What is Tuberculosis (TB)?
- TB is a lung disease caught by breathing in a germ that spreads in the air through coughing, sneezing and spitting.
- Without treatment, a person with TB disease will spread TB germs to 10 to 15 people every year.
- Drug resistant TB (DR-TB) is TB that does not improve with medication because the TB germ is stronger than standard TB medication. DR-TB can be cured, but it needs more medication and a longer time on treatment.
- The goal of treatment is to finish the full course of medication as instructed so that all TB germs are killed.
What can help you reach your goal for TB?
Take the full course of TB treatment.
TB can be cured if you take your medication correctly.
Test for HIV and treat it
It is common to get TB if you have HIV. Treating your HIV, will help cure your TB.
Avoid spreading TB.
- Wash your hands regularly.
- Keep the windows open where possible.
- Check for TB among your family, friends and workmates.
- Cough into your elbow.
- Wearing a mask will decrease the spread of TB, especially before you start treatment and for the first few weeks of treatment.
Keep a check on your condition
Attend your check-ups regularly at the clinic.
Provide sputum samples to check your TB is responding to the treatment.
Expect your symptoms to get better. If you develop new symptoms or your symptoms get worse, report this promptly.
Take your medication as instructed
TB can be cured if you take your medication correctly. TB will become worse and perhaps drug resistant if you forget or stop medication.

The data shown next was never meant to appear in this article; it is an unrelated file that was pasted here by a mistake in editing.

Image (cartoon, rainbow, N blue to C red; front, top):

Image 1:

- You need to take TB medication for 7 days a week until the course is complete (at least six months).
- Check with a nurse, doctor or pharmacist before using treatment from a shop or traditional healer – it may interfere with TB medication.
- Check the medication list to understand how your medication works and what side effects it might cause.
- If you have too much medication left over or are unsure how to take it, ask your healthcare worker.
Know when to seek healthcare
Visit the healthcare facility urgently today if you have any of the following:
- Are breathing too fast to speak properly
- Are coughing lots of blood
- Have a skin rash that also involves your mouth
- Have yellow skin and eyes
Make contact with your healthcare facility if:
- You run out of medication.
- You don’t know how to take your medication.
- You have an appointment for a check-up.
- You develop a side effect of your medication.